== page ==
I live on a little hobby farm myself, and have kept as many as fifty chickens. (Only time I ever saw a rat, the chickens were already killing it.) as long as you keep your feed put up, you won’t have a problem.

    The coop looks great, sturdy, well made and predator proof, and the fact that it comes with hens ready to go is fantastic. If you’ve got the $, it sure makes it very simple.

  • I’d be less concerned about rats than the danger from raccoons. Brooklyn is literally teeming with these wily, dexterous creatures. (Raccoons have even been spotted on the roof of my apt. building.) How raccoon-proof are these chicken coops?

  • I’d be less concerned about rats than the danger from raccoons. Brooklyn is literally teeming with these wily, dexterous creatures. (Raccoons have even been spotted on the roof of my apt. building.) How raccoon-proof are these chicken coops?

  • It’s been legal to keep hens in NYC for a few years, but not roosters.

    Our coop is secured with bolt locks, and the run is wrapped in chicken wire and is designed to keep out raccoons and possum. We bury the wire underneath the coop when we install it to make sure nothing can tunnel in.

  • That is a cute little coop. I’m late to this thread, but wondering what people do with their chickens when it gets really cold. Do they stay outside when temps are in the teens or below? Not so much an issue this winter, but what did people do last year?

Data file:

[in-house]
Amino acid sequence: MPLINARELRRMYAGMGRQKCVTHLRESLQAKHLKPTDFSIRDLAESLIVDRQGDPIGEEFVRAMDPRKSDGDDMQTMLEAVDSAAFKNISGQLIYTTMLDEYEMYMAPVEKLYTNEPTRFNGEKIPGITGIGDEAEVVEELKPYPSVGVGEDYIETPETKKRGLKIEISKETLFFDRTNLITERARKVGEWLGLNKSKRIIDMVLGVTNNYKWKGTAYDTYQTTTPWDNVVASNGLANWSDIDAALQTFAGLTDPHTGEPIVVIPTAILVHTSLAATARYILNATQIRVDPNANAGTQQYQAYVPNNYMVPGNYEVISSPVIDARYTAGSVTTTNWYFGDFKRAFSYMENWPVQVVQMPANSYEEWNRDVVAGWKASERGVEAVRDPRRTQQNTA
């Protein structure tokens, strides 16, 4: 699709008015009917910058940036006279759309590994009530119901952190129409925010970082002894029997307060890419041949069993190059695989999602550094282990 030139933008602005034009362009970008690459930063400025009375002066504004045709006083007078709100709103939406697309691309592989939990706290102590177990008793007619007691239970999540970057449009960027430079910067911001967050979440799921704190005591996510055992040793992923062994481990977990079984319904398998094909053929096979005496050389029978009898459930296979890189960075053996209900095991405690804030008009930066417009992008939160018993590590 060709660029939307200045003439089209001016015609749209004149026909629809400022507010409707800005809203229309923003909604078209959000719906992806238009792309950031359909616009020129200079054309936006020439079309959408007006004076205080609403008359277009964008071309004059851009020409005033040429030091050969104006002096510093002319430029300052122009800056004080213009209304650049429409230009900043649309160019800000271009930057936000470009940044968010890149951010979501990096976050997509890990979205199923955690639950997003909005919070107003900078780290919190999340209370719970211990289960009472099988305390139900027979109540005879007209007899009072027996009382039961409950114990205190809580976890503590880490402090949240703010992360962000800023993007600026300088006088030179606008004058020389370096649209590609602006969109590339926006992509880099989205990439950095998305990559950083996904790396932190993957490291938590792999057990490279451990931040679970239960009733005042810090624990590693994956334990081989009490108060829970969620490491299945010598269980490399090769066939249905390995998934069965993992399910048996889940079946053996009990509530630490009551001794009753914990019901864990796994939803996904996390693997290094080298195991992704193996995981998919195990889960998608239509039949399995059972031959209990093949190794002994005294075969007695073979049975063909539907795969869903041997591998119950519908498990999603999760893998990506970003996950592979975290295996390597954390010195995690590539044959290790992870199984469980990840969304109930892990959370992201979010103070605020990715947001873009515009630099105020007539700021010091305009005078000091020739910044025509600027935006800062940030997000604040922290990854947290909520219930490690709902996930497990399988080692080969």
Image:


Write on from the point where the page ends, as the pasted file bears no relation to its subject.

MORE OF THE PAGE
• You buy birds appropriate for the climate. they are fine through the winter. just need a light and battery powered water bowl. the light can provide heat, but also helps with egg production during the short on light months.

    • petunia, you can do what pig-three says.

      I insulated: I modified my “chicken coops for dummies” plan and used extra sheets of thin plywood to sandwich foam board into walls and floors. We put ‘pink panther’ style insulation into the roof during the cold months, and pull it out during warm months. As you note, this year is not an issue. Last year though our birds were fine. On a few of the coldest days last year I put a bowl of water in the coop overnight; it never froze.

  • To Petunia:

    Thanks for the compliment on the coop. We also do them in barnyard red and forest green. As to your question about cold weather, Victory Chicken provides cold weather breeds like Rhode Island Reds and Barred Rocks that have been bred for year round climates colder than NYC. Our coops are built so that you do not need a heat lamp in the winter (though as pig points out, egg production tapers off during the winter without an articficial light). Insulating the interior by pushing some hay up against the walls is all I’ve ever had to do in the winter, and my birds have been outside through sub-zero temps. The water in the dish will occasionally freeze in winter, and so you need to be sure to refill it at least daily in really low temps (or get a heated water dish). But in general, chickens are very hardy and withstand NYC winters just fine. Summer heat is actual more of a concern – make sure they always have plenty of water in the hot summer months!

  • Do the coops boycott israeli chicken feed….?

  • We’ve had chickens in our Clinton Hill backyard since 2010. They ARE hilarious… But can be a bit loud in the morning. We installed an automatic door that doesn’t let them out until 7:30, and it has helped with the noise.

    Sadly, three nights ago a racoon (Yes, a RACOON) ate one of our chickens!!! Make sure your ladies are locked up at night.